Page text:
Viewing from Veterans Memorial Bridge along the east bank of the Saginaw River during the 2013 Bay City (Michigan) Tall Ship Celebration

Viewing from Veterans Memorial Bridge along the east bank of the Saginaw River during the 2013 Bay City (Michigan) Tall Ship Celebration

Continuing a recap of viewing areas for the Parade of Sail – the official start of the 2016 Bay City (Michigan) Tall Ship Celebration – let’s consider locations at or near downtown.

Obviously, since this area is where the ships will be docking, the crowds will tend to be larger than other locations. However, since ship tours aren’t available on Thursday (July 14 – when the Parade of Sail takes place), there may not be an extreme number of people.

In general, there are plenty of restroom facilities, shops and convenience stores scattered nearby. There really aren’t many play areas close (I think Veterans Memorial Park has some playground equipment, but I’m not positive).There really is no shelter in case of inclement weather – rather, no shelter from which you can still view the arrival of the ships. I’m going to avoid discussing locations where the only view would be after ships have passed by.

Eastern approach of railroad bridge just down the Saginaw River from Liberty Bridge (where I took this photograph from).

Eastern approach of railroad bridge just down the Saginaw River from Liberty Bridge (where I took this photograph from).

Roald Amundsen departing Bay City on Monday following the 2010 Tall Ship Festival. To the extreme right can be seen the end of the eastern approach to the railroad bridge. Note how the ships would be obscured as they passed on the opposite side of the center swing span.

Roald Amundsen departing Bay City on Monday following the 2010 Tall Ship Festival. To the extreme right can be seen the end of the eastern approach to the railroad bridge. Note how the ships would be obscured as they passed on the opposite side of the center swing span.

Starting on the east bank near Liberty Bridge, there are a few viewing locations choices. One is the eastern approach to a railroad bridge right next to Liberty Bridge. However, I wouldn’t recommend this – at least from this side of the river. For one, I’m not sure how stringent the property owners and/or the railroad company would be about trespassers – mostly from a safety aspect. For another, the railroad bridge is a swing bridge, and the ships pass on the west side of the center span, so you would not have a clear view of the ships directly in front of you. You would have a nice view of them as they approach, and the background would be decent. Also, the sun would be toward your back-left. Bottom line – regardless of the legality, I feel there are many other sites with better views.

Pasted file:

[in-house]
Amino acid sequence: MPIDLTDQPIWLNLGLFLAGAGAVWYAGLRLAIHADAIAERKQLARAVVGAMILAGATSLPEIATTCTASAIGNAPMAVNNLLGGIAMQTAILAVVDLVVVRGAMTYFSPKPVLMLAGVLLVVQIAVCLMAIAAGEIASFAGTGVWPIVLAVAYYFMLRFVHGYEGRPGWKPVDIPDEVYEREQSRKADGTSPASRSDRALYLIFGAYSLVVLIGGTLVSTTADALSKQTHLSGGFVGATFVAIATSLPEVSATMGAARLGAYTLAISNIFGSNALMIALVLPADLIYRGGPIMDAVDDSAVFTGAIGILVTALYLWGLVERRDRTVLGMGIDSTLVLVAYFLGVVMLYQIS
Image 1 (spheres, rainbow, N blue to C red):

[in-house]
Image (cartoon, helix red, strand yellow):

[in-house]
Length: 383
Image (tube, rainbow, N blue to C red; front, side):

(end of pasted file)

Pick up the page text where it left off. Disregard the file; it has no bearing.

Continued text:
Now, a short distance away is Liberty Bridge. First, there is a public sidewalk which actually leads underneath the eastern approach, and brings you closer to the water level. This might sound appealing, however the main argument I’d make would again be how the ships pass on the opposite side of the railroad’s center span. The view is further obstructed by that same eastern approach I’d mentioned above. So – this would be worst of the worse.

Viewing from underneath the eastern approach of Liberty Bridge. Note, the railroad bridge is closed (for the winter). When open, the view of ships passing would be obscured by the center span itself.

Viewing from underneath the eastern approach of Liberty Bridge. Note, the railroad bridge is closed (for the winter). When open, the view of ships passing would be obscured by the center span itself.

Next, there is Liberty Bridge itself. Since we’re sticking with the east bank of the river, I’ll just discuss viewing from the eastern approach of the bridge. Also, only from the down river side, since the opposite side would only give views after the ships have passed through the bridge.

Bounty II departing Bay City on Monday following the 2010 Tall Ship Festival. In the foreground can be seen the eastern approach to a nearby railroad bridge.

Bounty II departing Bay City on Monday following the 2010 Tall Ship Festival. In the foreground can be seen the eastern approach to a nearby railroad bridge.